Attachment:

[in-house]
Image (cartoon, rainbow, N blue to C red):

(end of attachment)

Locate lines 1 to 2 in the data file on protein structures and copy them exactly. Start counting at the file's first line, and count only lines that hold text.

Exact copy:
[in-house]
Image (cartoon, rainbow, N blue to C red):